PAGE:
by Surendranath Dasgupta | 1922 | 212,082 words | ISBN-13: 9788120804081
This page describes the philosophy of the canonical and other literature of the jains: a concept having historical value dating from ancient India. This is the third part in the series called the “the jaina philosophy”, originally composed by Surendranath Dasgupta in the early 20th century.
According to the Jains there were originally two kinds of sacred books, the fourteen Pūrvas and the eleven Aṅgas. The Pūrvas continued to be transmitted for some time but were gradually lost. The works known as the eleven Aṅgas are now the oldest parts of the existing Jain canon.
The names of these are
- Samavāya Bhagavatī,
- Antakṛtadaśās Anuttaraupapātikadaśās,
In addition to these there are
- the twelve Upāṅgas,
- the ten Prakīṛnas,
- six Chedasñtras,
- Nāndī and Anuyogadvārci
- and four Mūlasūtras (Uttarādhyayana, Āvaśyaka, Daśavaikālika, and Piṇḍaniryukti).
The Digambaras however assert that these original works have all been lost, and that the present works which pass by the old names are spurious. The original language of these according to the Jains was Ardhamā-gadhl, but these suffered attempts at modernization and it is best to call the language of the sacred texts Jaina Prākrit and that of the later works Jaina Mahārāṣṭrī. A large literature of glosses and commentaries has grown up round the sacred texts. And besides these, the Jains possess separate works, which contain systematic expositions of their faith in Prākrit and Sanskrit. Many commentaries have also been written upon these independent treatises.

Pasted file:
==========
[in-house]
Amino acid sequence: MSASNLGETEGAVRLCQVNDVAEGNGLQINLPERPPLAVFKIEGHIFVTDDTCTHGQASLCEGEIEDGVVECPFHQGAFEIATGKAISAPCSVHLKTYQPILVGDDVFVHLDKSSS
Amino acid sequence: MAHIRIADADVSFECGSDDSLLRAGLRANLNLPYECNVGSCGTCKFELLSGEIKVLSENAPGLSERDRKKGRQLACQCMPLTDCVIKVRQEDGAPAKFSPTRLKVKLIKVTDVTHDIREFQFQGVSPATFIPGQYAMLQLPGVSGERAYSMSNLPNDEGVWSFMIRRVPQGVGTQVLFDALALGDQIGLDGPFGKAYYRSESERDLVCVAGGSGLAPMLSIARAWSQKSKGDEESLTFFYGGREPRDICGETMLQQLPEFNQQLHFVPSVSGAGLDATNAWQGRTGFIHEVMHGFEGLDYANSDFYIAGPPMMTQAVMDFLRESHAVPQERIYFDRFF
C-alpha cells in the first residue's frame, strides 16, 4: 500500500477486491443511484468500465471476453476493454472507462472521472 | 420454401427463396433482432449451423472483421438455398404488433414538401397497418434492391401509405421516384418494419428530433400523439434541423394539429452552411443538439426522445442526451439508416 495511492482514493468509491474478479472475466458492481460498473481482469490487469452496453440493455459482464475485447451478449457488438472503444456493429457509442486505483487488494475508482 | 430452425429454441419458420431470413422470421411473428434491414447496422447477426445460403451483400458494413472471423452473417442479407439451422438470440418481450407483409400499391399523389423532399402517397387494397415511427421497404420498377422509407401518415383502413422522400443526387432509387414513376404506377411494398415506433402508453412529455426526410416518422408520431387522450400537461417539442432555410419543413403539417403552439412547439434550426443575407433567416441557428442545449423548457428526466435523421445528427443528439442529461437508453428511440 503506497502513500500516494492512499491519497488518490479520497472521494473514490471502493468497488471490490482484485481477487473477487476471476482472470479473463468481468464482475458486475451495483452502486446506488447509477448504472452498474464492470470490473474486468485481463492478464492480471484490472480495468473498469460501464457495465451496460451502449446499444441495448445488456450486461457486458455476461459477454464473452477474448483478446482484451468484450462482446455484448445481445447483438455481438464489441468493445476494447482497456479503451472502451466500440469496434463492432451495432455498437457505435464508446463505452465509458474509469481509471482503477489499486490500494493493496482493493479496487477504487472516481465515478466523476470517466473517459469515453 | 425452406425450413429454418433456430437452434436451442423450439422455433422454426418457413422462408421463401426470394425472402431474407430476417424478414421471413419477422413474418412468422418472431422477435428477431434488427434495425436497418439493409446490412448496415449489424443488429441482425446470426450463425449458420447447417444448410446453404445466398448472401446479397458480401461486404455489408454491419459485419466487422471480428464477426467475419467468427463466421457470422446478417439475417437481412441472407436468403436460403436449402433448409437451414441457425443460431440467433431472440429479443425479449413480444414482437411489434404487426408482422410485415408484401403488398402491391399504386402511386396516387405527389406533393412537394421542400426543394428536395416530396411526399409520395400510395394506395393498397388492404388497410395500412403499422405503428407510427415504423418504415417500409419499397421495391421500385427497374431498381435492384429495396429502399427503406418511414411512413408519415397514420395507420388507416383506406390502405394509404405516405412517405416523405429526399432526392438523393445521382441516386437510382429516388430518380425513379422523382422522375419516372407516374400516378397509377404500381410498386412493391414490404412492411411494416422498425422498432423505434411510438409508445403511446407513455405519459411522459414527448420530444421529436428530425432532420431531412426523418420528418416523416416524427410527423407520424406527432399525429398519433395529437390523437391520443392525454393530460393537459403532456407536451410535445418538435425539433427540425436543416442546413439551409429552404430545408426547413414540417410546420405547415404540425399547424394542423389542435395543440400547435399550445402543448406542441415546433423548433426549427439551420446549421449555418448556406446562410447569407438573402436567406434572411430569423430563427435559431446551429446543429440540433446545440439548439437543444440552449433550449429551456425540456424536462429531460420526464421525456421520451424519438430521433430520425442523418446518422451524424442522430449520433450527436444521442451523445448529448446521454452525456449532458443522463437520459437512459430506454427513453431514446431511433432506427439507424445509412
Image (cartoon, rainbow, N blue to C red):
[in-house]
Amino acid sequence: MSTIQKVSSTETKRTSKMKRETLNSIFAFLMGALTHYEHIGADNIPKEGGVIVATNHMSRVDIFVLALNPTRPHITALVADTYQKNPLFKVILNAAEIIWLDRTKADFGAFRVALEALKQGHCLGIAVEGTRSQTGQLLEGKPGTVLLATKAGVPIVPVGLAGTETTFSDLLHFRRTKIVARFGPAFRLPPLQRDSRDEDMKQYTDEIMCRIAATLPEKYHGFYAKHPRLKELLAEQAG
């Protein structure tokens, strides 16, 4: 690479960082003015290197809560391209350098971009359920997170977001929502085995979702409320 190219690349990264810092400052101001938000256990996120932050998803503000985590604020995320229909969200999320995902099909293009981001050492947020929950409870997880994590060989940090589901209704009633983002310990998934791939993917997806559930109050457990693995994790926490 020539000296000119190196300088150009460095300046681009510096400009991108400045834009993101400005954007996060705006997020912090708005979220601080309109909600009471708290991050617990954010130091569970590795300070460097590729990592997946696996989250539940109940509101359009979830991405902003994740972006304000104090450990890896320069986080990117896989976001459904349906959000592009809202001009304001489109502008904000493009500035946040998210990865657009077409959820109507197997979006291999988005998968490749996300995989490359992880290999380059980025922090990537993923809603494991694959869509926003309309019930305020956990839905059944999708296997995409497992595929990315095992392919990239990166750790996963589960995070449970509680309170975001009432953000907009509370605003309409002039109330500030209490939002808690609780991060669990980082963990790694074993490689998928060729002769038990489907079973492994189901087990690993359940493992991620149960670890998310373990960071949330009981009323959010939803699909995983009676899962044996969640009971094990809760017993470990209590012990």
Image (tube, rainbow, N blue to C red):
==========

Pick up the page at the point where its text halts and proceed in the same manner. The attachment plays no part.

One of the oldest of these treatises is Umāsvāti’s Tattvārthādhigamasūtra (1-85 A.D.).
Some of the most i m portant later Jaina works on which this chapter is based are
- Viśeṣāvaśyakabhāṣya, Jaina Tarkavārttika , with the commentary of Śāntyācāryya, Dravyasamgrciha of Nemicandra (1150 A.D.),
- Syādvādamañjari of Malliṣena (1292 A.D.),
- Nyāyāvatāra of Siddhasena Divākara (533 A.D.),
- Parīkṣāmukhasūtralaghuvṛtti of Anantavlryya (1039 A.D.),
- Prameyakamalcimārtaṇḍa of Prabhācandra(825 A.D.),
- Yogaśāstra of Hemacandra(1088-1172 A.D.),
- and Pramāṇanayatattvālokālaṃkāra of Deva Sūri (1086-1169 A.D.).
I am indebted for these dates to Vidyābhūṣaṇa’s Indian Logic.
It may here be mentioned that the Jains also possess a secular literature of their own in poetry and prose, both Sanskrit and Prākrit. There are also many moral tales (e.g. Samarāicca-kahā, Upamitabhavaprapañca-kathā in Prākrit, and the Yaśastilaka of Somadevaand Dhanapāla’s Tilakamañjarī); Jaina Sanskritpoems both in the Purāṇa and Kāvya style and hymns in Prākrit and Sanskrit are also very numerous. There are also many Jaina dramas. The Jaina authors have also contributed many works, original treatises as well as commentaries, to the scientific literature of India in its various branches: grammar,biography,metrics, poetics, philosophy, etc. The contributions of the Jains to logic deserve special notice.
Footnotes and references:
Aupapātika, Rājapraśnīya, Jīvābhigama, Prajñāpanā, Jambudvīpaprajñapti, Candraprajñapti, Sūryaprajñapti, Nirayñvali , Kalpāvataṃsikā, Puṣpikā, Puṣpacūlikā , Vṛṣṇidaśās.
Catuḥśaraṇa, Saṃstāra, Aturapratyākhyāna, Bhaktāparijñā, Taṇḍulavaiyālī,, Caṇḍāvīja, Devendrastava, Gaṇivīja, Mahāpratyākhyāna, Vīrastava.
Niśītha, Mahāniśītha , Vyavahāra, Daśaśnitaskandha, Bṛhatkalpa, Pañcakalpa.
See Jacobi’s article on Jainism, E. R. E.